The Japan Times
First fall in real wages in three months
Japan’s real wages shrank in March as inflation rising at its fastest pace in more than three years outstripped steady nominal wage growth, the government said on Monday.
The report adds to concerns that mounting cost pressure on households’ real income will thwart Japan’s post-pandemic recovery scenarios, even as the government lifted all coronavirus curbs by late March in an effort to foster a strong rebound in consumption.
Inflation-adjusted real wages, a key gauge of households’ purchasing power, dropped 0.2% in March from a year earlier, marking the first decline since December, labor ministry data showed.
Prices are rising fast in Japan, propelled by the global commodity rally in the wake of the Ukraine crisis and the yen’s recent fall to two-decade-lows.
Last month, consumer inflation in the Tokyo area rose at the fastest pace in seven years.
The nationwide consumer price index that the ministry uses to calculate real wages, which includes fresh food prices but excludes owners’ equivalent rent, rose 1.5% in March, the fastest gain since October 2018.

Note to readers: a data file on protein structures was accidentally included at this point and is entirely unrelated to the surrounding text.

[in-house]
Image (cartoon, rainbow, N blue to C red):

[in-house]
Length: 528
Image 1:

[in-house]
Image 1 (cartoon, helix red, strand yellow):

That outpaced nominal total cash earnings, which increased 1.2% in March at the same rate in the previous month, the data showed.
Real wages are expected to post larger falls in coming months if the current price inflation keeps up its speed, because, on the other hand, “it’s unlikely for (nominal) wages to spike in a very short period of time,” a labor ministry official said.
Overtime pay, a barometer of business activity strength, rose 2.5% in March from a year earlier.
The gain, while marking the 12th month of increases, shrank from a downwardly revised 4.9% rise in February.
Meanwhile, special payments rose 10.7% in March, which was the biggest advance in five months and much larger than a 0.6% rise logged in March 2021.
“Some firms posted robust earnings at the end of their financial year in March, and their bonuses to employees may have contributed to the positive reading,” said the official.